Surely those weapons were taken out of circulation because of all the times they were used to wreak havoc on malls, churches and town squares, right? Actually, there was no such problem. The GCA was sold to the public as a response to the civil unrest and high-profile political assassinations of the 1960s, but in reality it was just another step in the steady march toward a disarmed citizenry. The next time someone pontificates to you about the unsuitability of “military-style” firearms for civilian ownership, you might point out that the AK was developed in the 1940s and the AR in the 1950s, each incorporating semi-automatic technology of the late 1800s and early 1900s.
In fact, modern, semi-automatic rifles are well-suited for every lawful use, sporting or otherwise. They are relied on for hunting predators, varmints and big game. They are used in 3-gun, Precision Rifle Series and High Power Rifle competitions. Recreational target shooters and plinkers enjoy them, and citizens of all stripes rely on these rifles to protect themselves and their families at home.
The motivation to choose these rifles is the same one that places pickup trucks, SUVs and crossover vehicles in so many driveways: They do many things very well. If budget, space or simplicity forces one to choose between multiple specialty tools to cover a wide range of needs, or one adaptable tool that covers the bases for a fraction of the cost, most people tend to err toward the jack-of-all-trades. So it is with gun owners who opt for a “sport utility rifle” as their implement of choice.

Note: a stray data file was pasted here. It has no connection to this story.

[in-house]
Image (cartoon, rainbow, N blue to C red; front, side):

When West Virginia University’s own Virginia (Ginny) Thrasher earned a gold medal in the 2016 Summer Olympics’ 10-meter Air Rifle competition, newscasters were visibly pained to even mention it. But, they could not ignore the event because Thrasher’s was the first U.S. gold of those games. This young engineering major also holds 20 records between USA Shooting and NRA competitive shooting sports, in air rifle and rimfire disciplines. Thrasher should be spotlighted as a positive role model for young athletes instead of being ignored because her chosen sport includes safe, responsible firearm use.
Also shamefully absent from the evening news is that we celebrated our first-ever Olympic gold medals in both men’s and women’s Biathlon events during the recent Paralympic games in Pyeongchang, South Korea. Biathletes Dan Cnossen—a U.S. Navy SEAL veteran and double amputee—and Ms. Kendall Gretsch should be celebrated as examples of what hard work, perseverance and strong character look like. Instead, we get gun control advice from sportscasters who are protected by armed security personnel.
Learning how to safely and effectively use a rifle has both life-enhancing and life-sustaining benefits. The discipline these skills require can be applied to many other tasks needed to succeed in life. The safeguards that come with this knowledge can help protect life and liberty when others seek to take them away.In a perfect world, the people who choose not to exercise their Second Amendment rights would still appreciate the many benefits that lawful gun ownership brings to a free nation. In lieu of that acknowledgment, they should at least stop telling those of us who exercise this inalienable right how to do it.